On my husband, let me aid you in all your good works, that by sacrifice I may gain wisdom and an exaltation in this kingdom. Do not worry about home or the things of this world. I have every reason to thank you that we are left with plenty to make us comfortable. I hope I may have wisdom to use all things in a way that will give satisfaction to you and my Heavenly Father.

You need not send any money back to me. I would like to get the loom. I think you had better get some other freighting for Charles. I want you to take the money with you, I will feel much better satisfied and it will be a friend to you when you are far away and I can get along very well without the things. I want you to take my advice in this and you will please me.

You ask me to forgive, when I have as much to ask forgiveness for. With me the past is buried. I look forward to a brighter future in the reward of the just. You have my forgiveness and my prayers.

Think it is just as well that you did not come home, the children feel so bad to have you go, Willie in particular. You must write something comforting to them.

Thomas Evans has given up 11 acres of land. He had more than he could get in during season. Hyrum and Heber are going right to work to get it put in. Heber has been hunting stock ever since you left. He did not find anything at Beaver or Minersville.

I received the stamps alright put up in a new form registered. r had to send to Cedar to have them filed. Brother Page is not prepared to take the mail. I will try Jessie Smith when he comes home. I think he well be likely to take it.

I have loaned 24 bushel of wheat, 12 to William LeFeavre and 12 to Hans Mortenson, and have taken their notes as you said. There has not been any called for on the Fielding account.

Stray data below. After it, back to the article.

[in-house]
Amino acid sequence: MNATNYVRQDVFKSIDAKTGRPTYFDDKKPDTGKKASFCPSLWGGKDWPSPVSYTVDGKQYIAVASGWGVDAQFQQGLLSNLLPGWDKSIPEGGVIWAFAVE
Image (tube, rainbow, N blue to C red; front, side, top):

Brother Walker got here a little ahead of the mail and stopped here all night. He will be back about Sunday night. I will endeavor to write again, probably Brother Lunt will be in before that time.

William Mitchell is very anxious that you should get the pistols. I think it likely there will be trouble here this summer (with the Indians). Two men and a boy have been killed at Salina on the Sevier River. I do not think of anything more at present. James will have it that Pa is gone to buy him a carriage to ride Libby’s doll. The children join me in kind

love …

From your affectionate wife. Phoebe Benson

P.S. I wish you would send me a bottle of oil, bay berry, ginger, a little golden seal, salt peter, caster oil, a set of strong knives and forks, Hyrum and Willie both want a pistol.


The following additional name of Elders selected to go on mission were presented at the conference.

Isaac Aldredge James Smith Joseph Lawson Theren H. Spencer Richard Benson Edward A. Noble Edger Dairymole

Lehi Provo Ogden G.S.L. Parowan Bountiful Bountiful

Sunday April 22 (1866). The usual meetings were held in the Tab. G.S.L.C. Elder Heber J. Richards urged upon the congregation and especially upon the young men the importance.

Elder Richard Benson referred to the mission he is about to start upon, gave expression of his feelings and bore testimony of the truth of the work.


A blessing upon the head of Elder Richard Benson, given in the Historian’s office in Great Salt Lake City, April 21st, 1866 under the hands of Daniel H. Wells, Wilford Woodruff, John Taylor, Franklin D. Richards and George Q. Cannon. Daniel H. Wells was mouth.

(Reported by G.D. Watt)